13% of Mississippi's bridges need to be replaced - WLOX.com - The News for South Mississippi

13% of Mississippi's bridges need to be replaced

JACKSON, MS (Mississippi News Now) -

A recent report of the 2013 National Bridge Inventory, by the U.S. Department of Transportation, indicates that 13% of Mississippi's 17,044 bridges need to be replaced, and that motorists travel over the state's structurally-compromised bridges approximately 1.2 million times every day.

The American Road & Transportation Builders Association (ARTBA) analysis of the report ranks Mississippi 10th nationally in the number of structurally deficient bridges and 14th in percentage of deficient bridges.

MDOT allotted more than $64 million to fund the replacement of 14 structurally deficient bridges across the state, another $3.6 million was utilized on routine bridge maintenance and $1.1 million was spent on bridge repairs due to vehicle crashes.  

"The report shows that the time for action is now, not years down the deteriorated road," said MDOT Executive Director Melinda McGrath. "All of the state's roads and bridges that were constructed as a result of the 1987 four-lane highway program have a shelf life. With the current level of funding for roadway and bridge maintenance, conditions will get worse before they get better. The downgrading of posted weight limits on deficient bridges will force local businesses and school buses to seek alternate routes and hinder the delivery of goods and people in a timely manner. The need for vehicle repairs will also rise and place further financial burdens on citizens. If the call for additional support is left unchecked, the lifeline for our local and national economy will be in jeopardy."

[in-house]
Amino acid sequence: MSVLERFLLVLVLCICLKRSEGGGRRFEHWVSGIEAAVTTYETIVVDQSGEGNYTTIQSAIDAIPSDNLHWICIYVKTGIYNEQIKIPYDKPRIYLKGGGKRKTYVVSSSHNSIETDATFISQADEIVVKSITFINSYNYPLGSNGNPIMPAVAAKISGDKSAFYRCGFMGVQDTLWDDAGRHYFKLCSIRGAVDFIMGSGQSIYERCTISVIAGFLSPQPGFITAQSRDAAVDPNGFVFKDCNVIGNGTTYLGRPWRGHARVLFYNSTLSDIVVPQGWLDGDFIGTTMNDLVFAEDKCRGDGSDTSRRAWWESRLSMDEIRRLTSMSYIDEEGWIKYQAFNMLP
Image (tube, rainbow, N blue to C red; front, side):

On April 29, U.S. Transportation Secretary Anthony Foxx unveiled a long-term transportation bill that will be sent to Congress for consideration as the House and Senate face looming deadlines to avoid the economic uncertainty and job loss that would ensue if the Highway Trust Fund runs out of money this summer.

The plan addresses the nation's infrastructure deficit with a $302 billion, four-year surface transportation reauthorization proposal.

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